Rethinking school transportation is crucial for Denver’s at-risk youth | Opinion

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Jerene Peterson


In 2018, when I was Deputy Executive Director of the Colorado Department of Human Services, data from our partners at the Colorado Department of Education revealed that while the overall high school graduation rate on 4 years in our state was over 80%, foster kids had a graduation rate of about 23%. Additionally, we learned that half of Colorado students in our foster care system change schools at least once, and often multiple times a year, disrupting their learning – studies show that each time a student changes school, they lose four months of academic progress — and emotional stability.

Safe, free and easy-to-use direct transport from foster home to school is imperative to help these young people get to school.

Think about this: What happens when a foster child changes foster care to another school district at 5:00 p.m. on Tuesday evening in the middle of the school year? This child has the federal right to stay in this school, but school districts cannot provide transportation outside of their boundaries. And even if they could, there’s no way a district could reroute its bus system to accommodate this child until 8 a.m. Wednesday morning. At the Department of Human Services, in partnership with the Colorado Department of Education, we were determined to find a way to solve this problem.

With the support of the General Assembly, we passed HB18-1306, which created an Education Stabilization Grant program to fund these transportation services, ensuring that students can still attend their home schools. After clearing this legislative hurdle, we thought the next steps would be easy. Little did we know that the real challenge was finding a service provider that was both highly skilled in transporting students and dynamic enough to work outside of the school district’s designed transportation model. Although school districts are required to provide home school transportation for their students in the foster care system, contracts to facilitate this service are often made with county child welfare organizations. It’s not always as easy as placing a foster child on the school bus. The solution had to work outside of these boundaries to bring young people across district and county boundaries.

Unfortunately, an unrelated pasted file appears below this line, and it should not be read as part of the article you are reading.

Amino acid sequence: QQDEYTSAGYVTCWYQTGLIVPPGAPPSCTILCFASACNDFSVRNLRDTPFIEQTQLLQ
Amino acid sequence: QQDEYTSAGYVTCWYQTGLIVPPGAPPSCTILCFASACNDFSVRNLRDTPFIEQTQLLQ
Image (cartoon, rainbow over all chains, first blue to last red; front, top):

When the state Department of Social Services issued a request for proposal for this type of transportation service, it received no qualified applicants. We started researching how other hospitality service agencies have solved this problem. Los Angeles County — the nation’s largest child welfare system — used a transportation network company (TNC), HopSkipDrive. It was that thinking outside the box that we needed to bring to Colorado.

We determined that HopSkipDrive could replicate its model in Colorado under the regulations of the Public Utilities Commission (PUC), which strictly regulates TNCs.

Through local and county governments, HopSkipDrive has provided more than 49,000 rides for foster children. It is 49,000 times that a student has been able to access a stable school environment.

Fortunately, our work continues. This legislative session, the Colorado State Legislature voted in favor of SB 22-144, which clarifies that TNCs can pursue partnerships with school districts and county child welfare agencies.

I hope this legislation preserves the solution we fought for in 2018, cementing alternative solutions like HopSkipDrive into our student transportation infrastructure and with it, new data will show that graduation rates for young people in families d are up.

Jerene Petersen served as Deputy Executive Director of the Colorado Department of Human Services under Governors Hickenlooper and Polis. She consults in the area of ​​child protection, is a member of the advisory board of Denver Human Services and an executive advisor to Mile High United Way. Jerene is also appointed by the Polis administration to the Child Protection Ombudsman Board and volunteers with CASA.

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